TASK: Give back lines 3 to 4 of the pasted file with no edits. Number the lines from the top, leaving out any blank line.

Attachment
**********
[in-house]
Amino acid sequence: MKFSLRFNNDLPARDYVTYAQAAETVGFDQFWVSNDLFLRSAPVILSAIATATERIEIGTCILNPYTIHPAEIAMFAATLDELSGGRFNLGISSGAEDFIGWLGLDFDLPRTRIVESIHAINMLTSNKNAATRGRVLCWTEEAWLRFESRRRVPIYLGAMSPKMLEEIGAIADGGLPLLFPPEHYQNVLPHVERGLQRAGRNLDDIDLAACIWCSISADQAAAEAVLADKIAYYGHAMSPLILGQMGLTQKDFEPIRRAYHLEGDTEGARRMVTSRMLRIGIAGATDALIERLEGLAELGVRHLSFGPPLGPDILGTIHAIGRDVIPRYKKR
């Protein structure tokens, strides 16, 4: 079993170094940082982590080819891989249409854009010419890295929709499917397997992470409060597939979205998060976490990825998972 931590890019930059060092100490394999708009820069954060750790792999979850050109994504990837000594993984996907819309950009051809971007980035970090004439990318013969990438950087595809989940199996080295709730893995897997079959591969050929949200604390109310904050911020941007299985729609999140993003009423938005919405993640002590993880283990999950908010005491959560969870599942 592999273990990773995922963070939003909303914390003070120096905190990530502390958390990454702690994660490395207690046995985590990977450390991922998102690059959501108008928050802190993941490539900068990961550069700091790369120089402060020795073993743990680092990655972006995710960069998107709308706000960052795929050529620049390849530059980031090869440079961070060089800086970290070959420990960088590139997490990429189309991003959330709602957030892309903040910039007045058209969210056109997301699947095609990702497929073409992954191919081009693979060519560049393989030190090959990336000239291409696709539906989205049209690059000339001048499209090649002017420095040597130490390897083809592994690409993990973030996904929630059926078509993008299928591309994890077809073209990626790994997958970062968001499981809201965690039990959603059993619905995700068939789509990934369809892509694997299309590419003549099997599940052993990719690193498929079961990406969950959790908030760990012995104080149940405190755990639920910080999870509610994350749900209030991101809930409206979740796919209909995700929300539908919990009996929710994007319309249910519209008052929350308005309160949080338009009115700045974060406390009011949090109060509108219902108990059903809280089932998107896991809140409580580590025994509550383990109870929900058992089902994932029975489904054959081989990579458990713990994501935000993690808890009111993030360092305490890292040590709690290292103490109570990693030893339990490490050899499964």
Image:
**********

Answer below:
């Protein structure tokens, strides 16, 4: 079993170094940082982590080819891989249409854009010419890295929709499917397997992470409060597939979205998060976490990825998972 931590890019930059060092100490394999708009820069954060750790792999979850050109994504990837000594993984996907819309950009051809971007980035970090004439990318013969990438950087595809989940199996080295709730893995897997079959591969050929949200604390109310904050911020941007299985729609999140993003009423938005919405993640002590993880283990999950908010005491959560969870599942 592999273990990773995922963070939003909303914390003070120096905190990530502390958390990454702690994660490395207690046995985590990977450390991922998102690059959501108008928050802190993941490539900068990961550069700091790369120089402060020795073993743990680092990655972006995710960069998107709308706000960052795929050529620049390849530059980031090869440079961070060089800086970290070959420990960088590139997490990429189309991003959330709602957030892309903040910039007045058209969210056109997301699947095609990702497929073409992954191919081009693979060519560049393989030190090959990336000239291409696709539906989205049209690059000339001048499209090649002017420095040597130490390897083809592994690409993990973030996904929630059926078509993008299928591309994890077809073209990626790994997958970062968001499981809201965690039990959603059993619905995700068939789509990934369809892509694997299309590419003549099997599940052993990719690193498929079961990406969950959790908030760990012995104080149940405190755990639920910080999870509610994350749900209030991101809930409206979740796919209909995700929300539908919990009996929710994007319309249910519209008052929350308005309160949080338009009115700045974060406390009011949090109060509108219902108990059903809280089932998107896991809140409580580590025994509550383990109870929900058992089902994932029975489904054959081989990579458990713990994501935000993690808890009111993030360092305490890292040590709690290292103490109570990693030893339990490490050899499964």
Image: